I’ve seen a lot of enchanting things here: undulating hills exhaling thick mist, extravagant moorish-influenced architecture, fields and fields of olive trees like Illinois has corn. I’ve seen flamenco dancers, amazing guitar players, the same 4 cocktails on special in countless bars in four cities (mojito, gintonic, cosmo, sex on the beach) and quite possibly the highest concentration of bad boob jobs ever. But Spain has also opened my eyes to things I never had an inkling existed:
Pez-like Sweetener Tabs
Perhaps my greatest discovery here. I found these in El Corte Ingles, a department store that also has a little mercado on the lower level. They’re tiny tablets of stevia! The bottom is open, and when you press the side button in, it drops a little tablet into whatever you need. Oatmeal, coffee, tea…the possibilities are endless. Now I can stop carrying around packets with me. I’m genuinely ecstatic this exists.
I first saw this in la Boqueria in Barcelona, where the vendors were selling kiwi and other cut fruit to eat. But then I saw a pack of six kiwis with this little guy tucked inside. It looks like a toddler utensil and has a “serrated” end to cut the kiwi in half with. Naturally, I bought the six kiwis just for the spoon they came with. The adult version of a cereal prize. Sure, I like kiwis just fine. Enough to warrant owning a spoon for the sole purpose of eating them? Probably not, but now I do. Edit: Along with kiwis, it also cuts plastic and tomatoes.
The first time I saw this, I totally cracked up: it’s really popular to attach a little umbrella to a baby stroller to shield them from the sun. It’s very smart; the sun is so hot here and babies have their delicate little new-person skin. Oh, tiny versions of big things…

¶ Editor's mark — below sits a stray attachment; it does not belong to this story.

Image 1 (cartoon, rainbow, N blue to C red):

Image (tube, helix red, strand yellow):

Once upon a time, they didn’t need to refrigerate milk. It came in a box and sat on the shelf, much like rice or soy milk you buy in the States. It’s called UHT milk, or ultra high temperature processed milk, and it’s the only kind of milk you can buy in Spain. Apparently, its quite the rage all over Europe, too. It’s when a flash of super high heat kills off all the bacteria and spores in the milk, so it doesn’t have to be kept cold until you open it. I’m a little wary of milk in general, and this just has me raising a brow skeptically. It doesn’t have any chemicals or preservatives, according to the box, but yeah…I’ll pass.
Chocolate “La Pedra”
I first discovered this at Brunell’s. I was picking up a couple bars of chocolate to send home, and came across a smaller bar than the others, wrapped in white paper instead of brown, with the words “La Pedra” scrawled on the front. I asked the graying man at the counter what its significance was, and nodded smilingly as I half-understood his response. I opened it about a week ago with a bottle of 2 euro wine (yes: decent wine for 2 euros) and was puzzled by the chocolate’s deliciousness; rich, creamy, very sweet but very dark–was was this ambrosial substance? A quick Google let me know that La Pedra is cooking chocolate, higher sugar content, higher cacao content. It’s most commonly melted down with milk or water to make Spanish hot chocolate, the pudding-like nectar they serve with churros (this is happening in Madrid, btw). It’s kind of like eating Abuelita, except your whole body trembles with joy.
So yeah, I didn’t cook with it. I just ate it. It was great with coffee.
Hey, speaking of coffee…
Ok, so I’ve seen one of these things before. People are so generous with coffee here; they drink it in the morning to wake up, then around 7 after siesta in order to stay awake until the wee hours of the morning on a daily basis. So coffee has been made for me quite frequently, usually from this contraption:
I was invited by my wonderful host, who also happened to be named Raquel, to help myself to making coffee whenever I felt like it. One early morning, barefoot and in my pajamas, I stood in front of her stove, frowning at this strange pot. Like I said, I had only ever been served from this thing and had no idea how to actually use it, and I needed coffee. After opening the lid a few times, shaking it a little, and sniffing around a bit, I once again Googled (“coffee maker europe”).
A moka pot originates from Italy, but is used all throughout Europe and in Latin America too. It consists of three parts, a bottom chamber where you put the water, a little funnel basket for coffee grounds, and then the top part where the coffee appears. When the water boils, it’s forced through the coffee grounds and then condenses in the top chamber. It’s actually quite brilliant and makes tasty coffee. I think I’ll get one in Chicago.
That’s it, so far. There may be a second installation, especially since Turkey is a land full of things unbeknownst to me.